3. Avoiding a costly migration to Office 365 that would involve reviewing content, updating IT infrastructure and considering the governance and security implications. (It is important to note that organisations using SharePoint have typically been slow to to migrate to newer versions, as the migration is a complex and time consuming process. The constant churn of development models has also helped contribute to a reluctance to upgrade to the latest version – no organisation wants to invest time and effort in a development framework only for Microsoft to drop it a year or two later.)
    4. Security and compliance – organisations are afraid of entrusting their data to Microsoft. they are also aware of how difficult it would be to export their data once it was stored with Microsoft data centres, possibly in a different country. This is particularly important following the GDPR legislation came into force.
    5. Restricted customization options available in Office 365 – Microsoft limits significantly how SharePoint Online can be customized. Organisations using SharePoint on-premise have full control over how they use and customize their solutions.

    The main takeaway from the white paper for me was that the majority of organisations are still on SharePoint 2013 or earlier. While most organisations are also making use of Office 365, I suspect this is mainly for email, OneDrive and MySites. Migrating existing sites from on-premise to Office 365 with their customizations seems to be quite rare. It also means that adoption of SPFx is likely to be slow, as organisations using SharePoint 2013 or lower are unable to use it.

    One key reason for organisations not upgrading to more recent versions of SharePoint is the lack of compelling features in the latest releases. Both SharePoint 2016 and 2019 are incremental releases that offer relatively little to organisations already using SharePoint 2010 or 2013. Customers still on SharePoint 2013 may be tempted to upgrade to SharePoint 2016/19 as mainstream support has now ended, but new customers will be more likely to use SharePoint Online and Office 365, something that the Concept Searching white paper also highlights.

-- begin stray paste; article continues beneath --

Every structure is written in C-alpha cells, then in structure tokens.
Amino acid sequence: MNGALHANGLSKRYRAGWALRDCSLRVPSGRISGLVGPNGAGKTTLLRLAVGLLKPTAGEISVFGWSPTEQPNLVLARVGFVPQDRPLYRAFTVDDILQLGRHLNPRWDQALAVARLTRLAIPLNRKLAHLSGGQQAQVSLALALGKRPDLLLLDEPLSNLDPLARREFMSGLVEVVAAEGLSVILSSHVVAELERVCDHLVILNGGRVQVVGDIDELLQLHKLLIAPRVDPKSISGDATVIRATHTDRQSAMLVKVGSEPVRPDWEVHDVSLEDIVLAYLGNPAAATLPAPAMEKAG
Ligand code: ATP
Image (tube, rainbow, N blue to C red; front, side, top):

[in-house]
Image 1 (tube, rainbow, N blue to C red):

To encourage the legacy on-premise customers (generally large organisations) to move online, Microsoft has been pushing hybrid architectures, and there is increasing support for hybrid scenarios in SharePoint 2019. In particular, Microsoft is keen to offer online services that can replace customers’ customized on-premise solutions, to allow organisations to avoid costly rewrites of existing custom code. This will also allow Microsoft hook into an organisations data and ease any future migration to the cloud.

    However, organisations who use hybrid architectures have learnt that it greatly increases the complexity of, and the time to implement and deploy, SharePoint solutions. Organisations running a hybrid environment will face a number of usability, maintenance and administration issues, and in reality it is only a viable option for larger companies that have dedicated SharePoint developers and administrators. Additionally, there are are cost implications of running a hybrid solution, as you have the cost of your on-premise farm and the monthly subscription costs.

    The Future of SharePoint and Office 365

    The future of SharePoint is clearly as an online service within the wider Office 365 suite of services and applications. The modern SharePoint application looks to be focused on collaboration services, enhanced with AI and VR. There have been significant new features released recently to improve the use of SharePoint Online as an intranet. Many former SharePoint features now being handled by other teams (PowerBI for business intelligence, Delve for search, PowerApps for forms, Flow for workflow). This points to a trend in Office 365 of having lightweight apps with specific purpose, such as Microsoft Forms.

    Additionally, there is a greater emphasis in modern SharePoint on integration with other O365 applications and services, and fewer customization options available. This applies to both branding (there are limited ways of branding SharePoint Online), and also in custom code options (the SPFx offers significantly fewer options than a full-trust solution). To compensate, Microsoft have been pushing no code tools like PowerApps and Flow that can be used by power users.

    For developers, developing for SharePoint Online will mean consuming a series of end-points from the various online services and applications being integrated with SharePoint. While we will be able to make use of modern web development techniques, I suspect there will be significantly less requirement to develop custom solutions as Microsoft develops new applications and services that can do a similar job for a monthly subscription. This allows organisations to have a low cost solution (initially – monthly subscriptions can quickly add up), and further locks the organisation into Office 365.